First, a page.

War Games: ROTC cadets participate in training sessions


Cadet Company Cmdr. Lauren Armendariz-Bast (MSIII) (left) coaches Jules Ruremesha as he operates his weapon while learning from simulation software during field training. Members of the ROTC participated in various training activities throughout the weekend.

By Alan Kozeluh

Huddled in the middle of base camp in complete darkness, Cadet Company Cmdr. Lauren Armendariz-Bast (MSIII) confers with her cadets.

“Make sure that everybody knows to stay in buddy teams at all times,” Armendariz-Bast says. “I don’t want anybody getting freaking kidnapped again.”

They are discussing the enemy’s position when a yell comes from the perimeter.

“Movement! Identify yourself!” a cadet says.

A dark figure breaks through the outer line of the perimeter and is “shot.” The figure falls down and two cadets break off to check on the hostile. The company goes back to discussing strategy.

The attack and abductions were unexpected, but the NIU Army Reserve Officers’ Training Corps (ROTC) teaches their cadets to react to the unforseen.

The events were just part of an average day for 83 cadets who spent the weekend attending field training exercises at Fort McCoy, Wis.

The Ambush

Officially, the cadets did exercises in marksmanship and land navigation, but some cadets with the rank MSIV decided to test the leadership of the MSIII cadets. Their plan was to “abduct” low-ranking cadets and see how well they could keep count of the rest while preventing anyone else from going missing, said Cadet Battalion Cmdr. David Cutsinger (MSIV).

“It feels good to be on this side,” said Cadet Bradley Wilson (MSIV), one of the planners of the raid. “We used to be in their shoes.”

Lt. Col. David Dosier, professor of military science, said keeping accountability of the soldiers at all times is imperative.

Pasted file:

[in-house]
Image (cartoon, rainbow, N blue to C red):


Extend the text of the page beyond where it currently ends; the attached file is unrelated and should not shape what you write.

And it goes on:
Marksmanship Training

Cadets in the military science program are trained in marksmanship at NIU. They use realistic assault rifles with lasers that interact with a computer simulation, said Cutsinger.

Before going on the shooting range, cadets practiced with the computer simulation.

Cutsinger said cadets also practiced the four fundamentals of marksmanship: breathing, aiming, trigger squeeze and steady position.

For most low-ranking cadets, the training is practice. However, seniors must qualify as marksmen in order to graduate,


Land Navigation

Cadets were provided with a map, a protractor and a list of coordinates. Using these tools, they had to navigate to each point in a 7-mile training course located in a forest, said Cadet Capt. Derek Ma (MSIV).

If they did not return before a certain time, none of their points they had to navigate to would count, said Cadet Alex Alvey (MSII). Cadets navigated the course once during the day and once at night. During the night, training cadets used red-lensed flashlights attached to their helmets so as to not ruin their vision at night. Regular lights can ruin a person’s night vision, said ROTC Supply Technician John Dickinson.

The End

Sunday, at the end of the trip, cadets marched their equipment down the road to the buses that took them back to NIU.

For some of the cadets, the session was be their last at Fort McCoy as they will move on to the Army.